Solvency II is here. While it has been widely reported that insurance companies and asset management firms have dealt with the pressures of stricter data governance, it can be said that these changes are universally regarded as positive. The question many asset managers are asking, though, is the balance between regulatory compliance and client expectations: How do firms deal with Solvency II’s data quality demands while maintaining the high standards of their clients?
Implementing sound data management practices
Certainly there are challenges that have come into play following compliance with Solvency II regulations. Asset managers are now required to deliver complex asset and reference data in consistent formats, all in a much quicker turnaround time than previous years. In order to deliver the right depth of data at the right time, the underlying foundation of an asset manager’s data management process needs to be solid.
This is where look-through processes need to be more transparent and expansive in order to highlight anomalies in asset manager data. For example, these look-throughs could identify issues with having multiple holdings in the same stock that were bought with different valuations at separate times.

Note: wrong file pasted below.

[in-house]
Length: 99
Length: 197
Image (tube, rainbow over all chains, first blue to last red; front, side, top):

It is necessary for these data irregularities to be spotted, validated and examined so that the data can be re-aggregated. In order to implement this systematic level of data governance to identify these issues, processes and workflows need to structured so that users can examine, escalate and/or address these anomalies with a consistent approach. This level of data control enables asset managers to provide assurance to their insurance company clients.
Why these changes are good
For starters, this level of data control enables asset managers to provide assurance to their insurance company clients. With transparent, reliable and consistent data governance systems, asset managers can ensure accurate and validated regulatory reporting to meet Solvency II requirements, while instilling confidence in their insurance clients.
So from here, now entering into the fourth month of implementation, it seems that the asset managers that master control over their data workflows and processes will become favorites in the insurance sector. Those firms that can execute broader data management approaches and deliver stronger foundations necessary under Solvency II will be more equipped to respond quicker and more easily to clients and regulatory requirements.
There is much debate over the best data quality management platforms used by asset managers. But those that have the tools to identify and resolve key issues in data governance will be better prepared to manage ongoing client requirements as well as future regulations.